Real-Time Fiber Optic Sensing System Lance Richards NASA Armstrong Flight Research Center Edwards, CA “The entire team of researchers who have dedicated years to the development of the FOSS technology is honored to receive this award. Since the beginning of our work, we wanted to create a better sensing system, making structural monitoring more comprehensive and lightweight. As we realized how broadly applicable FOSS was, we were inspired to keep innovating.“ A team at NASA Armstrong has developed fiber optic sensing system (FOSS) technology that represents a major breakthrough in high-speed operational monitoring and sensing. Driven by ultra-efficient algorithms, FOSS can be used to determine, in real time, a variety of critical parameters including strain, shape deformation, temperature, liquid level, and operational loads. This state-of-the-art sensor system delivers reliable measurements in the most demanding environments confronted by aerospace, automotive, and energy sectors. FOSS is ideal for monitoring the structural health of aircraft, buildings, and dams; improving the efficiency of turbines and industrial equipment; and detecting instabilities within tunnels and power plants.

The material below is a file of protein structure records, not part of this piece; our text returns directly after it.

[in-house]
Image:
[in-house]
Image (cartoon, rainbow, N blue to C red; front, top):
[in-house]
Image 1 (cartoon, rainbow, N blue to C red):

Posted in: Articles, Aerospace, Electronics, Design processes, Fiber optics, Sensors and actuators, Wireless communication systems, Fuel cells, Product development

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NUMIT2.0

NASA’s Jet Propulsion Laboratory, Pasadena, California Internal electrostatic discharge (IESD) can cause spacecraft failure and anomalies related to the space environment, but it is very hard to predict when IESD might happen. Therefore, assessment of the IESD at a given space environment and a given dielectric geometry is important for spacecraft reliability.

Posted in: Briefs, TSP, Electronics & Computers, Failure modes and effects analysis, Electromagnetic compatibility, Spacecraft

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Reusable Integrated Instrument Control and Computing Platform

This reusable hardware/software platform has applications in embedded systems and digital signal processing applications in small spacecraft, airborne avionics, and instrument electronics. NASA’s Jet Propulsion Laboratory, Pasadena, California ISAAC (Instrument Shared Artifact for Computing) offers adaptability, computation power, I/O bandwidth, digital interface standards, and data processing capability in a single, common, low-mass/power, and small-form-factor platform with significantly reduced, nonrecurring cost and risk to Earth Science instruments such as SMAP/HYDROS and other NASA/JPL planetary exploration instruments with diverse requirements. This platform has six key components: